When you get to the evening after a long day’s work do you mostly:
A) Feel tired and take yourself to bed for an early night.
B) Feel tired and stay up late for some telly/PlayStation/social media [insert inane pastime of choice here] as this is the only ‘me time’ you have, regardless of how tired you feel.
If you answered B, chances are you are suffering from Revenge Bedtime Procrastination (RBP), a term that describes when people who don’t have much control over their daytime life categorically refuse to go to bed early in order to regain some sense of freedom during the late-night hours.
Signs of Revenge Bedtime Procrastination
You can spot a chronic RBP offender as they usually:
- Perk up after their partner/spouse/kids have gone to bed.
- Have Netflix/Social Media apps on their phone’s home screen.
- Look and sound jetlagged until their first/second coffee of the day.
- Use convincing arguments such as ‘Evenings are the only time I have to myself’, ‘Late night Insta screening recharges my batteries’, ‘I have a high-pressured job – I need this time to myself’.
As a reformed – and occasionally relapsing – RBP user I get it. As a parent and business owner I often used to feel I was ‘owed’ a few hours on my own with the whole West Wing cast at night without tiny hands touching me.
One of my high performing clients, the CEO of a large financial institution, rationalizes that trading sleep for this precious ‘me time’ is the thing that keeps him sane and stable, especially at a time when he really needs to lead his team with calm conviction.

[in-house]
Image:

The Danger Is In The Trade-Off
Keeping a business alive is tough on the body and mind. It requires physical and mental endurance that is sustainable over time. Four to five hours at night isn’t going to cut it in the long-term, with major repercussions on our energy, clarity and performance. We have plenty of examples of moguls who glorified the 4-hour sleep only to show serious signs of derailment once exhaustion set in – Elon Musk, Maggie Thatcher and the early years Bill Gates to name a few.
You may feel that trading sleep for refilling your ‘me cup’ is justified but ultimately, if we indulge in this trade-off regularly, we run the risk that the revenge is on us as sleep deprivation takes us further away from leading with agency the next day.
And let’s face it, much as I like to think that spending three hours at night with Chief of Staff Josh Lyman (What? You haven’t watched the West Wing??) enriches my personal life, the truth is my level of performance is way better the next day when I’ve had eight hours sleep away from the White House.